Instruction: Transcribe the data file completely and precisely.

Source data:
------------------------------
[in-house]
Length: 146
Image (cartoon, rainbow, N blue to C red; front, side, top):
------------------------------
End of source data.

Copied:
[in-house]
Length: 146
Image (cartoon, rainbow, N blue to C red; front, side, top):